“I think most people at this point probably agree that entitlement reform is needed,” he said. “I think the challenge is getting over the politics.”

Latrell Williams ’16 said that he appreciates the Simpson-Bowles proposal because it protects the debt issue from extremists on both sides.

Gregg presented “accurate” solutions to the problem by explaining that the government does not need to cut benefits entirely, but simply needs to revise the structure of its existing programs, Williams said.

“Senator Gregg’s solution is great because it urges people to drop ideology to solve the issue,” he said. “I think this issue really requires a bipartisan effort.”

Gregg’s lecture, “Federal Budgeting in a Post-Cliff Environment,” is part of the Rockefeller Center’s Brooks Family Lecture series.

Sean Connolly contributed reporting to this article.

ROTC women could serve in combat roles

Three mornings each week, 15 Dartmouth students trek in camouflage fatigues to Leverone Field House for physical training, knowing that this effort, as a part of the Reserve Officers’ Training Corps, can be the first step to a military career. For three of these students, the Pentagon’s Jan. 23 announcement that women will be allowed to serve in combat roles opens up a wealth of new opportunities.

The lifted ban will offer new paths to female cadets as they progress in their careers, but it will not affect the ROTC program itself, according to Maj. Matt Aldrich, who oversees Dartmouth’s ROTC program.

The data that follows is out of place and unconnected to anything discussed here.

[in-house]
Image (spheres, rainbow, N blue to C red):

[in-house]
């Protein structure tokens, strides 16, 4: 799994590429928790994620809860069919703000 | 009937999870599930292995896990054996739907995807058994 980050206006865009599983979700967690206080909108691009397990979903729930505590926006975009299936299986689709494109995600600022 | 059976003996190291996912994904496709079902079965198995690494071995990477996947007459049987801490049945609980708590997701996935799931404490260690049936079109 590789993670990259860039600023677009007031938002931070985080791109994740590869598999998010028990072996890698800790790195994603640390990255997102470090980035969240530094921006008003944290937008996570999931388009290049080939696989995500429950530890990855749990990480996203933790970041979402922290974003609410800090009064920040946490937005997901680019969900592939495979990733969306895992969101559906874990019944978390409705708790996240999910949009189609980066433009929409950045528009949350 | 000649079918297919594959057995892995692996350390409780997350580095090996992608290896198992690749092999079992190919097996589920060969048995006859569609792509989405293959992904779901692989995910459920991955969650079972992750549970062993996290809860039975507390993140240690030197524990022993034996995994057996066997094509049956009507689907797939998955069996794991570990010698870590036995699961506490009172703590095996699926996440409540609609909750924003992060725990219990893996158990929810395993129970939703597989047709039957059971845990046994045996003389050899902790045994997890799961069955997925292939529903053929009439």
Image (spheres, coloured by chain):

“We run our organization the same way the Army’s trying to run their organization if you can do the job, then you can be in Dartmouth ROTC,” he said.

About half of Dartmouth’s ROTC members have signed a contract with the Army committing them to four years of active duty and four years in the Army Reserve after graduation, Aldrich said. While students interested in a military career can participate in the program without making a legal commitment, most choose to seek a contract, which allows them to apply for a potential full tuition scholarship, he said.

Graduating cadets who choose to sign the service contract indicate which Army branch they would prefer to join. Before Defense Secretary Leon Panetta’s announcement, several military branches were effectively off-limits to women, including infantry, artillery, armor, combat engineers and special-operations units of battalion size. While the Pentagon will allow branches until January 2016 to evaluate if any positions will remain closed to women, the order has given women in the ROTC more flexibility in choosing a branch on their contract, ROTC participant Monica Wagdalt ’15 said.

“It’s probably something that’s been a long time coming,” Wagdalt said. “I don’t know if it’s necessarily a branch that I’m going to choose, but I think it’s great because they’re capable.”

Since cadets are not guaranteed a placement in their chosen branch, however, female service members may now receive a combat role assignment unintentionally, according to ROTC participant Kate Hopkins ’16. She said she is now reconsidering her preference order since she could now be placed in infantry if she does not end up in her first choice branch.

Hopkins said she is uncertain how she feels about the policy change allowing women to engage in active combat, but will defer to the positive reactions of women with military experience.

“I feel like you can’t really deny that there are differences between men and women physically and mentally,” Hopkins said. “It seems to me like it’s an experiment. We don’t know exactly how its going to go.”